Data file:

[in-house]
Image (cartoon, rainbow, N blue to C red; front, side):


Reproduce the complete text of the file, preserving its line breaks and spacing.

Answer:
[in-house]
Image (cartoon, rainbow, N blue to C red; front, side):